|The Echo, 1868, albumen print, 27 x 22.6 cm|
“Photographs state the innocence, the vulnerability of lives heading towards their own destruction, and this link between photography and death haunts all photographs of people.”- Susan Sontag, On Photography
Part of what draws us to Julia Margaret Cameron’s images is that, coupled with the exquisite melancholy of her figures and the originality of her technique, is the knowledge that none of their subjects could be alive today.
Considering the relative youth of the invention of photography this is a fairly recent development, and in the inevitable death of their subjects the conceptual cycle of her images is completed.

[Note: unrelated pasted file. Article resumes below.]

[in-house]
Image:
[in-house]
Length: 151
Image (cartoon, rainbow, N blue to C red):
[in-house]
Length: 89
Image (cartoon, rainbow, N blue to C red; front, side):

This combination of the theme of mortality along with that of the photographically unique that-has-been adds profound theoretical interest to a modern reading of Cameron’s images. One of Cameron’s most haunting portraits in this respect is The Echo, modelled by the tragic actress Ellen Terry.
With her particularly piecing yet absent gaze, and pale skin she almost resembles a corpse, the title referencing Greek mythology and perhaps also the inherently reflexive nature of the photographic medium.